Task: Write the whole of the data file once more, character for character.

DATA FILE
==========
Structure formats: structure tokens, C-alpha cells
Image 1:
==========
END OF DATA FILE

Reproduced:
Structure formats: structure tokens, C-alpha cells
Image 1: